Tuesday, March 27, 2012

Suddenly I have rediscovered the prose of Lytton Strachey. Perhaps a decade ago I read his biography of Victoria and loved it then, and somewhere along the way I acquired a copy of Books and Characters (1922), but I can't remember ever having opened it until yesterday, when I found this, from Strachey's essay "The Last Elizabethan," about nineteenth-century Gothic poet Thomas Lovell Beddoes--

His character, so eminently English, compact of courage, of originality, of imagination, and with something coarse in it as well, puts one in mind of Hamlet: not the melodramatic sentimentalist of the stage; but the real Hamlet, Horatio's Hamlet, who called his father's ghost old truepenny, who forged his uncle's signature, who fought Laertes, and ranted in a grave, and lugged the guts into the neighbour room. [Beddoes's] character, like Hamlet's, was the tragedy of an overpowerful will--a will so strong as to recoil upon itself, and fall into indecision. It is easy for a weak man to be decided--there is so much to make him so; but a strong man, who can do anything, sometimes leaves everything undone. Fortunately Beddoes, though he did far less than he might have done, possessed so rich a genius that what he did, though small in quantity, is in quality beyond price. "I might have been, among other things, a good poet," were his last words. "Among other things!" aye, there's the rub. But, in spite of his own "might have been," a good poet he was.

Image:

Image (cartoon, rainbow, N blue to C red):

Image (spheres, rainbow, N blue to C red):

This is the sort of prose I would love to write myself, prose in which the sentences do their own thinking, clause by clause, with a formal, measured music. But I am not stately enough, or English enough, or linked closely enough to the nineteenth century. I write like a vulgar colonial who admires those who are not.

Here's a sample of Beddoes's poetry, from Death's Jest Book--

We do lie beneath the grass
    In the moonlight, in the shade
  Of the yew-tree. They that pass
    Hear us not. We are afraid
      They would envy our delight,       
      In our graves by glow-worm night.
Come follow us, and smile as we;
    We sail to the rock in the ancient waves,
Where the snow falls by thousands into the sea,
    And the drown’d and the shipwreck’d have happy graves.

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